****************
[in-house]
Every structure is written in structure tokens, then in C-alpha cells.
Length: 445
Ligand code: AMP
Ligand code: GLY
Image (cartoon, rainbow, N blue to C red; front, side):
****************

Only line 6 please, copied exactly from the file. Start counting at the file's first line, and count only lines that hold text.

Image (cartoon, rainbow, N blue to C red; front, side):